Thursday, February 5, 2015

Why Comments Are Bad


I recently read this book on Clean Code by Robert C Martin and there he talked about comments in our code which kind of got stuck in my head. So I decided to write a blog post to highlight some of the down sides of very frequently used comments in our code.

Comment

Comments are non-executing statements that we write in our code generally in order to explain the code intent or some other information.

Why Comments are bad

Most of the time we write comments because we do not write clean code. Every time we are in the position to write a comment, we should think it through. We should ask ourselves if there is a better way that we can write the code and demonstrate our intentions in the code itself. And every time we succumb to write comments in the code, we should feel guilty and failure that we couldn't write a self-explanatory code.

Let's take a look at an example:
foreach (var student in students)
        {
         //for late enrollment charge extra fee
         if (student.EnrollmentDate>new DateTime(2015,1, 1))
             enrollmentFee = enrollmentFee + 1000;
         } 

Here, the comment is written to specify the special logic for late enrolled students. Instead, it could have been written like this:
foreach(var student in students)
        {
                if (student.IsLateEnrolled())
                    enrollmentFee = enrollmentFee + 1000;
        }

Here, we just simply created a method with a name which we were writing in comments anyways as plain text. This is much more clear and easy to maintain as compared to a comment.

I know I am being a little harsh on comments but the main reason behind that is that the comments don't get updated. The older the comment, usually farther it is from its intention. It's very difficult to maintain comments. And bad comments are usually big lies and can be frustrating and are often big time-wasters. They make our code look ugly and cluttered. We should always be ready to put some time and effort to try to avoid comments, if possible.

Let's take a look at some of the bad comments in our code.

Bad Comments

Here, the property d is used to denote Start Date.
public DateTime d { get; set; } // Start Date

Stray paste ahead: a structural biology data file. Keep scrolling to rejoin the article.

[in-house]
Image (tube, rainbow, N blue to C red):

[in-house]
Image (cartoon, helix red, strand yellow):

Instead, the variable could have been named liked this and then the comment won't be needed
public DateTime StartDate { get; set; }

Lying Comments

Everyone must have seen code similar to this.
//always returns true
        public bool IsAdmin()
        {
            return false;
        }

The comment must have been written a long time ago and since then the code has been updated but the comment hasn't. Imagine if the method definition is complex and comment is a lie, how frustrating can it be.

Noise Comment

These are some comments which are not needed. They are possible breeding grounds of turning into bad comments in future. 
public DateTime StartDate { get; set; } // Start Date

This comment should be removed to avoid unnecessary clutter.

Commented-out Code

Having commented code for possible later use should not be needed. We have very good source control systems these days and we should use their power in case we want to see the old code and revert back. We should not clutter our code base by having commented out code.

//public DateTime StartDate { get; set; } 

Useless Comments

This comment s not really telling me anything why this code is written like this.
public bool IsAdmin()
        {
            //shhhh don't tell this to anyone
            return (LastName == "Smith" || Role == "Admin")
        }

Conclusion

In this blog post, I showed a few places where we see bad comments which we can avoid and improve our code base. Having less cluttered and clean code increases productivity.
The intent of this post is to say that comments should not make up for bad code. We should be ready to apply little time and effort if we can to avoid such comments. However, sometimes comments are necessary and are good to have but those cases are rather few as compared to how liberally we use this feature. I am not saying that we should stop writing comments, I just want to say that we should use them more cautiously. Hope this post will motivate everyone to use comments more judiciously.

For future updates to my weekly blog, please subscribe to the blog and follow me on Twitter. Until then Happy Coding :)






No comments:

Post a Comment